If the baby in the manger were simply another baby born of woman, there would be no Christmas. If no Christmas, the following would be meaningless, as the rest of the story would not exist. But it does exist and is all very true, as so many of us can attest. Not only so, but we invest our lives in that Truth.
“This is a trustworthy saying, worthy of full acceptance: Christ Jesus came into the world to save sinners, of whom I am the worst.” 1 Timothy 1:15
The Christmas narrative is recorded in the Bible which is accurate and true, and worthy of deep study. However all care should be taken for the reason we read and study.
This is a familiar Christian saying, “The Bible was not given to increase our knowledge, but to change our lives.” This quote, often attributed to the American evangelist D.L. Moody, captures the central importance of our relationship with God’s Word
We don’t engage with the Bible to increase our knowledge about God. We read it, we study it, we memorize it, we ponder over it, and we apply it in order to know God Himself. And as we do that, God’s Word—and God Himself—transforms us. The way we view the world around us, life, other people and ourselves, changes. Some things that were always visible but ignored, now become visible to us as though it were completely new, and exhilarating to behold. Truths that were once hidden now become “so simple a child could understand it.”
In one of His testy exchanges with the Pharisees, Jesus pointed out the reason for their error when it came to their religious zeal: “You are in error because you do not know the Scriptures or the power of God” (Matthew 22:29).
Were the Pharisees committed to the Scriptures? Absolutely! Were they familiar with them? They read them constantly and heard them preached regularly in their synagogues. But they did not really know them intimately, and they did not know the power of God behind them—power that was able to change lives. The Bible brings change or it brings nothing at all.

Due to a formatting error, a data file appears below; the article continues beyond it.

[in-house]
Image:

Contrast that with the way the Apostle Paul described the believers in Thessalonica, “ when you received the word of God, which you heard from us, you accepted it not as a human word, but as it actually is, the word of God, which is indeed at work in you who believe” (1 Thessalonians 2:13). The Word of God was at work in the lives of these people—transforming the way they lived, and the very essence of the locus of their humanity.
“the word of God is alive and active. Sharper than any double-edged sword, it penetrates even to dividing soul and spirit, joints and marrow; it judges the thoughts and attitudes of the heart” (Hebrews 4:12).
“So is my word that goes out from my mouth: It will not return to me empty, but will accomplish what I desire and achieve the purpose for which I sent it” (Isaiah 55:11).
Can you see why the Bible is referred to as the Living Word of God? It’s the word of life for here and hereafter. ~G.W.
“Thy word is a lamp unto my feet, and a light unto my path.” Psalm 119:105